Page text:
HIGH SCHOOL STUDENTS ARE CHEATING IN RECORD NUMBERS
August 6, 2020. WHILE no formal statistics exist, my estimate is that more than 75% of high school students cheat during online exams. Cheating during an online exam is easy, effective and safe. Most students cheat by Googling the question on their laptop while they are sitting for the exam. Since so many students are cheating in the United States, Google already has the exact question and answer, so it takes less time to Google than to “critically analyze and think through” a question.
GOOD GRADES CAN BE THE DIFFERENCE BETWEEN THE RICH AND POOR
If good grades are important because they often (but not always) make the difference between being poor and being rich, the stakes are sky-high and cheating is clearly worth the risk of getting caught; and the potential guilt can be eliminated later in mid-life through psychotherapy.
SOME CHEATING IS FULL PROOF
For example, assume your taking an organic chemistry exam which is one of the dreaded courses ever forced upon a student. The student could have a “friend/chem tutor” stand off-screen in the corner of the room with a clipboard, laptop of of their own, and a separate monitor to see what the student sees, and that tutor could signal the answer to the student. The student could miss a couple questions on purpose to avoid suspicion.
ONLINE CHEATING CANNOT BE DETERRED OR PREVENTED
Catching online cheaters created high tech “proctors” which are private companies that specialize in preventing online cheating. Requiring the students to leave their webcams on during the exam, monitoring key strokes, checking browser histories, and even iris detection for identification, are unproven ways to prevent or deter cheating.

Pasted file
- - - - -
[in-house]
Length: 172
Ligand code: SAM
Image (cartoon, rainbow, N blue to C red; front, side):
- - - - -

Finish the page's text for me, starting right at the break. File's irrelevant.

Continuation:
CREATING TRICKY EXAMS DOES NOT TEST SUBJECT MATTER KNOWLEDGE
Exams cannot be designed to avoid cheating. Creating tricky “lawyer like” bar exams is not the answer. Those antiquated exams, have multiple choice questions with weird answers such as “D. A and B are both the best responses”; or questions such as “which is the least best answer to the following narrative….” Those exams do nothing more than make the educators who create the exams feel smarter.
Other unproven ways to create exams that deter online cheating include using more essay questions, and open book exams; but too often those types of questions do not test the students knowledge of the subject matter, but rather the student’s ability to take exams in general and they favor students with superior reading and writing skills.
The only answer is to have in-person exams, with proctors walking up and down the aisle, but that is months or years away.
The author Attorney James R. Stout has passed three bar exams: California, Arizona and Nevada.